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Richard Wintrip shares his top tips on continuing to cycle in autumn and winter

Richard Wintrip 2 SmlRichard Wintrip, senior cycling and walking officer at BCP Council, shares his top tips on how to keep cycling through autumn and winter. 

It feels like we’ve been blessed with excellent weather so far this year. I for one have really enjoyed cycling to work, getting out at the weekend for family bike rides and on occasion leaving the car at home and walking to the local supermarket. It’s felt great saving money on fuel and parking, enjoying social time with my 8-year-old son and reaping the health and wellbeing benefits of making short journeys on foot or by bike rather than jumping in the car. 

Now we are into the autumn and moving towards the winter, it’s that time of year when it can become more challenging to keep up our active travel habits. Over the years I’ve made a few simple adjustments to ensure that cycling in the cooler, darker months can be equally as enjoyable as in the spring or summer.

Here are my top 6 tips to help you keep cycling all year round: 

  1. Keep safe, be seen: When cycling at dawn, dusk or in the dark, it’s important that other road users and pedestrian are able to see you. Make sure you have working lights on your bike. I prefer USB rechargeable lights, as they are easy to charge up and you don’t have to fiddle around with swapping batteries. I’d also recommend wearing brightly coloured reflective clothing as an effective way to stand out on darker, rainy or foggy days. When I’m driving a car, I find it much easier to see people riding bikes who are wearing high vis clothing, but I know as a driver I can play my part by giving people on bikes the time and space necessary to manoeuvre. 
  2. Keep warm – especially your fingers and toes: I love cycling on cold and crisp mornings at this time of year, it's a fantastic way to embrace the day. I find that a decent pair of gloves and socks to keep my fingers and toes warm makes cycling more enjoyable. Ski gloves that are waterproof tend to be the order of the day, as long as you can still use your brakes, change gear, and grip your handlebars comfortably. On really cold days I also wear a thin fleece hat which keeps my head and ears warm, without obstructing my sight or hearing.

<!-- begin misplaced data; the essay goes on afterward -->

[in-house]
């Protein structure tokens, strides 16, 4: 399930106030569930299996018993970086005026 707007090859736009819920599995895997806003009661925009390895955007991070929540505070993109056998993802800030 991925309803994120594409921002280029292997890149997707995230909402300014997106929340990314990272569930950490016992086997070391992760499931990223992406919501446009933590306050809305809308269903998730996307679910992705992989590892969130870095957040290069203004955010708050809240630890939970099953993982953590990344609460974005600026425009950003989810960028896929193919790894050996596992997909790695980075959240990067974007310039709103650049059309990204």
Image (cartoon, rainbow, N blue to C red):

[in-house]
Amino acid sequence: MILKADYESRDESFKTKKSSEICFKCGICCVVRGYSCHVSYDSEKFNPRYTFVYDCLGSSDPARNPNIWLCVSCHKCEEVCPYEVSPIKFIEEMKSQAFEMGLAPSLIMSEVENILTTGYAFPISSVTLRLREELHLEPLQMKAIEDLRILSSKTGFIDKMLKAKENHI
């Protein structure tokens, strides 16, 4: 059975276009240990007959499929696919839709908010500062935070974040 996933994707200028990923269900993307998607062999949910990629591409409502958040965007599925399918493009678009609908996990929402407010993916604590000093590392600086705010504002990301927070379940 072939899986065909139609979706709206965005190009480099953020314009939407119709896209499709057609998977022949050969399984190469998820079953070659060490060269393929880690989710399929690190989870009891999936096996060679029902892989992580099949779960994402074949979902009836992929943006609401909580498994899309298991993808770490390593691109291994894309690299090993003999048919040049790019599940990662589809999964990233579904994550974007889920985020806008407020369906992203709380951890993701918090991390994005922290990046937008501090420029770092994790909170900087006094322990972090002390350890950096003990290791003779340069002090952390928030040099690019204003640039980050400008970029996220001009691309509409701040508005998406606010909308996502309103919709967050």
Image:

3. Keep dry: An essential bit of kit for all year round cycling in my experience is a decent set of waterproofs (jacket and trousers). At this time of year, I always carry them in my bike pannier bag. This not only helps keep me dry on wet days, but also can provide additional layers on really cold days.  
  4. Be organised, do some basic checks before setting off: From time to time, we all experience the odd occasion when things don’t quite go to plan when cycling, for example taking a wrong turn or getting a puncture. These minor issues can be intensified when cycling in the dark. Before setting off on your bike, I’d recommend getting into the habit of: 
    1. Planning your route. The BCP cycle map is a good resource and shows a network of local cycle routes 
    2. Checking your tyres are at the correct pressure as this will help prevent punctures 
    3. Making sure your bike lights are charged up and working. I tend to do this overnight 
  5. Look after your bike: Riding in the autumn and winter can be tough on your bike. I would recommend undertaking some simple and regular checks and maintenance to ensure you keep things running smoothly. There are plenty of good bike shops in the local area that will be able to provide you with a comprehensive bike service.  
  6. Be flexible and have a contingency: There may be the odd morning when you’ve checked the weather forecast or looked outside and the prospect of jumping on your bike is all too much. Don’t worry, we’ve all been there! On days like this, you can still help reduce road congestion and emissions by taking the bus or sharing a lift. I’ve downloaded the local bus company app, which allows me to plan my journey and easily purchase a bus ticket for the local bus network, whilst saving some money. If you are undertaking regular journeys, you could also consider signing up to the BCP lift share community.

If your bike happens to be off the road at any point during the autumn/winter, you may want to consider hiring a Beryl Bike or e-scooter to get around, as there's no way you can be caught out by forgetting to charge your lights on a Beryl bike or e-scooter! The bikes have a handy basket for carrying your essentials.

I’m really looking forward to continuing to get out for fresh air and exercise with my family over the coming months. South east Dorset’s Transforming Cities Fund programme is continuing to deliver a network of cycle and walking routes throughout the region. New off road cycle routes in the BCP area that are ideal for family rides include Kings Park, Upper Gardens and Whitecliff Park. BCP Council is also offering a limited number of family bikeability training courses in November, to help families, or friends with children to plan enjoyable bike rides to school or for leisure.


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